McCormick senior to appear on “Jeopardy!” Wednesday afternoon


Courtesy photo from Sabrina Fritz

McCormick senior Sabrina Fritz with “Jeopardy!” host Alex Trebek on set. Fritz will appear on an episode of the quiz game show Wednesday afternoon.

Fathma Rahman, Assistant Campus Editor

When McCormick senior Sabrina Fritz got the call, she went straight to her friend Kyle Condron’s apartment.

“I heard the doorbell, and she was just standing there,” said Condron, a McCormick senior. “I asked her what’s going on and she had the stupidest grin on her face. She looked at me and said ‘I made it.’ And then we hugged.”

Fritz will appear on “Jeopardy!” Wednesday afternoon, months after finishing auditions, preparation and filming. She and her friends will attend a viewing party at Norris University Center to watch the show, though Condron said they plan to watch it again later with her friends on the Club Frisbee team in a “less formal setting.”

Fritz said she started watching “Jeopardy!” at a young age and as a kid, she was interested in fun facts and frequently annoyed her parents with trivia.

In high school, she joined the quiz bowl team and participated all four years. Fritz’s childhood best friend, Molly Carroll, said her involvement in quiz bowl was an important part of her childhood.

“Sabrina was very shy as a child, believe it or not,” said Carroll, who graduated from Saint Louis University in 2015. “But quiz bowl brought out her real personality and fire for what she loves.”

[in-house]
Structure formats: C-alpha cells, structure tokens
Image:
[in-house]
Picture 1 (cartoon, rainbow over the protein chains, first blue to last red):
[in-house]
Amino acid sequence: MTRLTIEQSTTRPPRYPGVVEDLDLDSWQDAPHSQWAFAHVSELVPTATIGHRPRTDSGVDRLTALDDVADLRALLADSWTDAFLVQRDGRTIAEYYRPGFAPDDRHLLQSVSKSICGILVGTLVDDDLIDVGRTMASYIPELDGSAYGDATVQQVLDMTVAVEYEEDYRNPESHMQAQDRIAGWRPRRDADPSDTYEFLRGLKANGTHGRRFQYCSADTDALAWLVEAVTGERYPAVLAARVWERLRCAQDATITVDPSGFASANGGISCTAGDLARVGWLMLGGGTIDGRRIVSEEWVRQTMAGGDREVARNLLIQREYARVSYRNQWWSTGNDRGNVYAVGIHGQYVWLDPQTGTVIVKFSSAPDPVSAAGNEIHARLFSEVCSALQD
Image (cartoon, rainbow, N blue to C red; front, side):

The first step to qualify for “Jeopardy!” is to earn 80 percent or higher on their online quiz made available to everyone. Condron said when Fritz took the quiz last summer, she had a feeling that she had gotten it this time. Sure enough, Fritz was invited a few days later to audition in Kansas City.

Six months later, Fritz was invited to a filming in March. She had more free time Winter Quarter, so she spent much of it studying.

Carroll took an Amtrak from San Diego to Los Angeles to watch Fritz on the show. She said she met Fritz’s parents there and got to be on the “Jeopardy!” set to watch the show live.

“I always knew she would do great things, but now it’s actually happening,” Carroll said.

Carroll also said that while photos are not allowed inside the studio, there is a museum before you enter where visitors can take pictures.

“Alex Trebek allowed people to ask questions during commercial breaks,” Carroll said. “Somebody asked what is the meaning of life, and he said that the meaning of life is people like you not asking what the meaning of life is. He was pretty funny.”

Although Fritz said she had done extensive research on the show beforehand, there were some things that still caught her by surprise, such as the amount of makeup both contestants were made to wear.

“Alex Trebek ends up being so tan on air that if they don’t put makeup on us, we just look like ghosts,” Fritz said.

Fritz also said many people don’t know that although contestants can only ring in when Trebek is done reading a question, there’s a light that activates on either side of the game board, too. An employee backstage waits for Trebek to finish reading the question and then turns the buzzer system on, which in turn queues the lights.

Finally having the chance to stand behind the podium and shake hands with Trebek after watching the show for years was “unreal,” Fritz said.

“This was always what I thought would be an unachievable dream and having achieved that now—it feels awesome,” Fritz said. “My mom told me I have to find a new life dream now, but I don’t know how I feel about that.”

Twitter: @fathma_rahman